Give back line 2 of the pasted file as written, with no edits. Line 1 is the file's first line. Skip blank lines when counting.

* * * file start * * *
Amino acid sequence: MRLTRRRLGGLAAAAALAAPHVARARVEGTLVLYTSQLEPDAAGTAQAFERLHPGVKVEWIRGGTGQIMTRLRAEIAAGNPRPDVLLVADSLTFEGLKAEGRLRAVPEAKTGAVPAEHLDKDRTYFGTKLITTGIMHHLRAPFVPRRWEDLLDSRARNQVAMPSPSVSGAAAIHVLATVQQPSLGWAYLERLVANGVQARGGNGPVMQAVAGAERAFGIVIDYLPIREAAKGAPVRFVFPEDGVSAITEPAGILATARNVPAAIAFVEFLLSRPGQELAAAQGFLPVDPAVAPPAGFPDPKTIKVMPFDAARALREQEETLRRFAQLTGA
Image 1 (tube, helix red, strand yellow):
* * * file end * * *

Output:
Image 1 (tube, helix red, strand yellow):